100M is the limit for 100baseT, so you're well within spec to just run Cat5 before the two places. (I'd run cat5e or cat6 to reduce the noise, though). I'm not sure what the limit for gigE is, but I've run it a little over 100M without much problems -- we just put a switch at each end as soon as it entered the buildings. If you can trench between the two points, this might be the easiest.
Call whatever utility companies to get the existing lines marked, rent a ditch digger (looks like a big chainsaw blade on a cart), glue some PVC conduit together (while running some pull line), and once it's all together, pull the copper and terminate it. If you don't have other obstructions in the way, it'll take a team of two a day to complete, and a few hundred dollars of supplies.
If that fails:
I can't remember the name of the guy, or the name of the site where he put up all of his information, but there was someone in Hawaii who had a lot of information about squeezing longer range out of wireless ethernet. I think he was using 802.11b, but it might've been 802.11a, this was before the term 'wifi' became popular, so I don't think it was 802.11g ... this would've been about the time when the pringles can trick was noticed (2001?2002?).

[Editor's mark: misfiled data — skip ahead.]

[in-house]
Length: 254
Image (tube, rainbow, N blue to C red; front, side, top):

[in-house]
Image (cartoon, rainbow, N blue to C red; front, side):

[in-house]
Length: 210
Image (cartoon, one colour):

Hopefully, someone else can remember and provide a link. I want to say he was connecting public schools in Hawaii, and they had a school bus that would act as an access point for laptops and had a long-haul link back to the school.
... it's possible, as it was older, that he was using other wireless technology (wavelan?), which might be harder to get ahold of this year, or difficult to put to use.
update: it might've been ALOHAnet, but from what I can find while wrestling with free airport wifi trying to frame my screen screwing up everything, it was out of service by the time I was remembering it (and I could've sworn it was ethernet-based). It's possible that I'm remembering whatever was the followup to ALOHAnet.